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Habitat Distribution and Territoriality In the Dickcissel and Red-Winged Blackbird

Summary


The dickcissel and red-winged blackbird are two common, territorial bird species occurring throughout the central U.S. Both commonly inhabit fields and roadside edges. The redwing is also very common in marshland.

The dickcissel inhabits oldfield habitats at considerably higher densities than prairie habitats. Relative suitability of these habitats as determined by breeding success and sex ratios is higher in the oldfield than on the prairie. Sex ratios, and hence, suitabilities, appear to rise with increasing male densities, probably reflecting an increase in vegetational volume over time.

Territory size in the dickcissel is inversely correlated with male density. A minimum territory size of about 0.35 acres was reached at a density of about 105 males/100 acres. A minimum territory size imposes a limit on the density and it is presumed that unsettled males are forced into less suitable habitats at high densities. The minimum territory size also implies that some males in the same habitat are forced to include less suitable vegetation in their territories at densities above those at which the minimum territory size is reached.

On the basis of suitabilities, densities, and territory size dynamics, it is concluded that the habitat distribution of the dickcissel approximates the ideal dominance distribution model described by Fretwell and Lucas (1969), and that territorial behavior in the dickcissel functions to limit density in local populations.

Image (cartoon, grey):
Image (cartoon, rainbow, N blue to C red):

The red-winged blackbird occupies marsh habitats at very high densities compared to upland (oldfield and prairie) habitats. These habitats do not appear to differ in suitability for redwings when occupied by breeding populations.

Sex ratios decrease with increasing density (and decreasing male territory size), probably reflecting territorial behavior by females which is believed to limit the number of females settling in any one male's territory. Redwing sex ratios are not believed to be valid indices of habitat suitability, in light of female territorial behavior.

Territory sizes in male redwings are inversely correlated with male density but show no apparent minimum size. Hence, there is no real limit placed on density and unsettled males cannot be said to be forced into less suitable habitats.

Territory size dynamics, comparative densities, and relative suitabilities all support the conclusion that the redwing habitat distribution is ideal free, not ideal dominance. Male territorial behavior thus functions primarily as a density cue for unsettled birds and does not effectively limit population densities.


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